posted on Feb, 23 2017 @ 08:02 AM
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What exactly comprises the defintion of an "intellectual journal"?

Will the articles be peer-reviewed?

Will the contributors have standing in their fields of expertise?

Etc.

It seems to me that the claim for any work that only exists to support a particular "-ism" seems doomed if the goal is reasonable informed analysis. Any political theory has holes in it.

On a side note, those of you complaining about others complaining are still complaining; you're no different from those you're condemning.



posted on Feb, 23 2017 @ 08:03 AM
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To the OP: How can you title your thread 'Pro-Trump'? The editorial snippet you provided calls-out the very things Trump is doing. My read of it says that the political sphere (the Elites) have totally lost touch with the visceral issues of our country and culture. They dismiss our concerns out-of-hand and push agendas that are self-serving. That's exactly what's going on in the billionaire boys club plus one.



posted on Feb, 23 2017 @ 08:15 AM
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It actually has some articles worth reading.

The piece on The Anxieties of Conservatism actually goes in to a bit of the Southern Strategy and touches briefly on the influence of Right Wing think tanks.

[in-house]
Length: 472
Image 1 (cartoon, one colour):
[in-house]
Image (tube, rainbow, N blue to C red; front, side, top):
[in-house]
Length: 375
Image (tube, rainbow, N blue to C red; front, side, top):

Beginning with the Reagan presidency, a new conservative intellectual and political apparatus began to trade upon the GOP’s finally successful postwar reorganization. The New Majority was receptive to conservative ideas, and conservative institutions began to propagate them widely. In addition, conservative think tanks were no longer mere participants in the marketplace of ideas but had become a new site of power themselves. Yet, at the same time, the debates internal to conservatism effectively stalled out. The fusion of the Republican business class with its reliable new Southern base had succeeded, and its success meant that the old intraconservative debates were politically neutralized, with the upper hand going to the think tanks and journals that had signed on to the fusionism then ascendant. With the Heritage Foundation at their head, the think tanks of the American Right rolled out fusionism not only as a component of understanding the (temporary) New Majority, but as the essence of conservatism itself—something few if any conservative thinkers had ever really held. More than anything else, fusionism became the term of art applied to the disparate postwar conservative intellectual movement.